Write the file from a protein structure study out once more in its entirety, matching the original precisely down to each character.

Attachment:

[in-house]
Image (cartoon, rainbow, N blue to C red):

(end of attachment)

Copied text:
[in-house]
Image (cartoon, rainbow, N blue to C red):